Now we're gonna learn a little bit,
just enough about written music notation.
This will be extremely helpful to you.
You have here,
my beautiful drawing of the treble clef,
called the G clef, because the little
curly Q goes around the line that is a G.
And this is called the treble clef,
the staff, the five-line staff.
This is how you read music.
The notes are located along the spaces and
I separated out the spaces
from the lines for you.
quick way to learn how to read music is,
the notes in the spaces within
the staff spell the word face, F-A-C-E.
Happens to be an F major seventh cord.
The notes that are on the lines, E, G,
B, D, and F spell,
Every Good Boy Does Fine.
[LAUGH] And that,
is a G ninth chord, just so happens.
So, the combination of the lines and
spaces gives you all the notes,
F, G, A, B, C, D, E, F.
And then above the staff,
sitting up here is G [SOUND].
Below the staff down here hanging
on the bottom is D [SOUND].
And this thing that looks like Saturn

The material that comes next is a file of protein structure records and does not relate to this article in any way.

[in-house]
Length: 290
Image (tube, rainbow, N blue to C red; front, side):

over here, is actually middle C.
It's called the leisure line.
And if you wanna have more notes below or
more notes above,
we draw these lines that
extend the staff upward.
And you can have a whole bunch of them.
I'm just trying to keep it simple for now.
But the middle C, down here is,
where did my harmonica go?
The first hole blow on the harmonica.
[SOUND] So when we play a scale,
like a C scale, C,
D, E, F, G, you draw it out on
a straight line on the page.
C, D, E, F, G.
Not back and forth like that.
And, that's how we read music.
Rhythms of notation,
I'm not concerned with.
Just knowing where
the notes are on the staff.
It's really not that hard.
The only hard thing about reading
music is reading it quickly.
If someone sticks the music
in front of you and goes.
[SOUND] Okay, ready, one,
two, one, two, three.
[SOUND] That takes a lot of skill,
a lot of years of training yourself.
But, just understanding where the notes
are on a staff is very simple.